State v. Country

Annotate this Case

276 N.W.2d 110 (1979)

202 Neb. 509

STATE of Nebraska, Appellee, v. Reginald COUNTRY, Appellant.

No. 42192.

Supreme Court of Nebraska.

March 6, 1979.

*111 Reginald Country, pro se.

Paul L. Douglas, Atty. Gen. and Lynne Rae Fritz, Asst. Atty. Gen., Lincoln, for appellee.


CLINTON, Justice.

In 1974, defendant Reginald Country entered a plea of nolo contendere to a charge of forcible rape, and, pursuant to a plea bargain, a second count charging him with being an habitual criminal was dismissed. He was sentenced to serve 10 to 30 years in the Nebraska Penal and Correctional Complex. On appeal to this court, the sentence was affirmed. State v. Country, 194 Neb. 570, 234 N.W.2d 593.

In November 1975, defendant filed a "motion to vacate" in the District Court, alleging excessiveness of sentence, the plea was not knowingly made, and defendant had not been adequately represented by counsel. The motion was overruled without a hearing and no appeal was ever taken.

In July 1977, defendant filed a second "motion to vacate and set aside sentence." He again alleged the plea was not knowingly entered and added that the trial court had failed to ascertain whether there was a factual basis for the plea. He then repeated his allegation that he had been inadequately represented by counsel in that counsel had neglected to interview certain witnesses who would testify favorably to defendant and had generally failed to pursue defendant's interests in the case or inform defendant of his rights. Three affidavits favorable to the defendant and signed by the witnesses in question were attached to the petition.

An attorney was appointed to represent defendant and an evidentiary hearing was held pursuant to section 29-3001, R.R.S. 1943. Following the hearing, the trial court held the plea was freely and voluntarily entered after defendant had been fully advised of his rights by the trial court, there was a sufficient factual basis for the plea, and defendant had been adequately represented by counsel at all stages of the proceedings.

Defendant now appeals pro se to this court, assigning as error each of the above holdings. We affirm.

Defendant had initially entered a plea of not guilty to the charge of rape. When an amended information additionally charging him with being an habitual criminal was served on him, he called his attorney and asked that a plea bargain be arranged whereby defendant would agree to plead nolo contendere to the charge of rape if the habitual criminal charge was dismissed. The county attorney agreed to the bargain and a second arraignment was held the day after defendant had called his attorney.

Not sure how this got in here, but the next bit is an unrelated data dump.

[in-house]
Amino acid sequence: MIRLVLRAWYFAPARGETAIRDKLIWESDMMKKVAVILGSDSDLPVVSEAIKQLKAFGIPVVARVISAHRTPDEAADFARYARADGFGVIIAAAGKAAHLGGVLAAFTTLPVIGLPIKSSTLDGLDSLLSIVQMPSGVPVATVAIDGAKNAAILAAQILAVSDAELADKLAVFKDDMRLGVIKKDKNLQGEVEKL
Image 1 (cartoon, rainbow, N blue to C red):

An examination of the transcript of the second arraignment shows defendant was fully advised of his constitutional rights and voluntarily waived them. It is clear from the record and the information that defendant was advised of the essential elements of the crime of rape. The court told defendant there was no real issue as to whether intercourse had occurred and stressed that trial of the case would involve "a rather difficult factual and legal question as to how much force was used, and also how much force would be necessary." Defendant nevertheless insisted he wanted to enter the plea in order to avoid the habitual criminal charge. A plea of guilty or nolo contendere is not involuntary because it is induced by the filing of an habitual criminal charge. State v. Reed, 187 Neb. 792, 194 N.W.2d 179. The record shows the court was well apprised of the factual basis for the charge. Although questioning the defendant as to the factual *112 basis is not required where the defendant enters a plea of nolo contendere, State v. Hyslop, 189 Neb. 331, 202 N.W.2d 595, the court must satisfy itself that there is a factual basis for the charge.

Defendant's claim that he was inadequately represented by counsel is also without merit. The only allegation in this area which is supported by the evidentiary hearing is that counsel had not, as of the time the nolo contendere plea was entered, interviewed three witnesses who might have testified on defendant's behalf. While this argument might have had merit had the case proceeded to trial, it is inapplicable where, as here, trial was avoided by a plea bargain instituted at the defendant's request.

A guilty or nolo contendere plea waives every defense to the charge, whether the defense is procedural, statutory, or constitutional. State v. Kluge, 198 Neb. 115, 251 N.W.2d 737; State v. Griger, 190 Neb. 405, 208 N.W.2d 672. Once defendant's plea was accepted, the potential testimony of witnesses on his behalf became irrelevant.